7.59.

Processing and Disposal

The County Council is responsible for the strategic planning of waste sites and the determination of development proposals whilst the Environment Agency is responsible for site licensing and on-going monitoring of individual sites. The Structure Plan sets the context for the County's preparation of a Waste Local Plan. In line with the Structure Plan, the Kent Waste Local Plan discounts landfill as a long term disposal option. The Kent Waste Local Plan, nevertheless, acknowledges that there may be circumstances where a need can be demonstrated. The Council has a long-standing objection to the use of Tilmanstone colliery spoil tip for landfill. The Richborough landfill closed in August 1994.

7.60.

The Waste Local Plan gives priority to reduction, re-use, recycling and incineration of waste. In order to achieve these aims, the Waste Local Plan identifies:-

  1. land at Richborough adjacent to the landfill as a suitable location for the preparation, for re-use, of demolition waste and spoil material (Policy W7(1));
  2. land at Richborough and the existing Bulk Transfer Stations at Whitfield and Hawkinge as suitable locations for the separation and transfer of degradable industrial waste and domestic refuse (Policy W9); and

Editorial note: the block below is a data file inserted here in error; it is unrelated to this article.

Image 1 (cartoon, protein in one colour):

3. adding a combined refuse incinerator and power generator to Richborough Power Station (Policy W11).
7.61.

The District Council supports, in principle, these proposals outlined in the Waste Local Plan but, as a consultee, it will seek to ensure that all environmental concerns are satisfied.

7.62.

MINERAL EXTRACTION

The County Council, as mineral planning authority, has adopted a Minerals Local Plan for Kent. It comprises three parts; the Brickearth and Construction Aggregates, the Chalk and Clay, and Oil and Gas sections. The Structure Plan establishes the context for the preparation of the Minerals Local Plan. It acknowledges that the need to exploit the County's mineral reserves will remain, but makes clear that, in some cases, the maintenance of a land bank will not be possible due to constraints on development in the countryside. Structure Plan Policy NR6 sets out the criteria by which applications for mineral extraction will be considered.

7.63.

The Construction Aggregates section of the Plan identifies the following proposals in the District:-